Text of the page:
This Budget must cut public spending
This budget is not remotely difficult. There is no ‘Golden Rule’ to uphold, no balancing act to perform and no Keynesian complexities to consider. Fiscal imprudence and irresponsible borrowing have led us to ‘bust’.
The expectations are of a ‘scorched earth’ budget – after all, what has the Prime Minister got to lose? Spend more, borrow more, make people feel a little better until the next general election, and if Labour do not win, Mr Cameron shall be left to take all the necessary unpopular decisions to clean up the mess – ‘more Tory cuts’. Cranmer is not going to bother with the phrase ‘moral duty’. Not because the Prime Minister no longer understands the meaning of the concept (if ever he did), but because the talk thread will be choked by those who assert ‘It depends what you mean by “moral”’ or ‘It depends what you mean by “duty”’, and communicants are thereby deflected from the urgency of the matter at hand.
If Labour understand the meaning of stewardship, they will grasp the imperative of bequeathing to the next generation an economy in a better state than that which they themselves inherited. That is moral.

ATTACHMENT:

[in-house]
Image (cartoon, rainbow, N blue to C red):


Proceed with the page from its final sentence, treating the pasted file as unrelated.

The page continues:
If Labour have any economic sense or any concern for the common good, they must do what Her Majesty’s Opposition are reluctant to do – cut public spending. This budget must clearly and incisively expound the medium and long-term plans for doing so (and they can start with scrapping plans for ID Cards – every penny counts). Borrowing must be reduced. And inflationary pressures must be eradicated, for inflation is theft, and theft is immoral. And then they must simplify the taxation system, because it is grown too cumbersome and expensive to administer. Scale down tax credits; increase personal allowances. And they must trim the fat from the bloated public sector (some of the million non-jobs Mr Blair fabricated). And they must withdraw from the European Union, for it bleeds the nation of almost £60bn per annum.
As Alexander would say – ‘simples’.
But Cranmer shall no doubt soon awake from his dream to discover the shocking and depressing nightmare of the cold reality.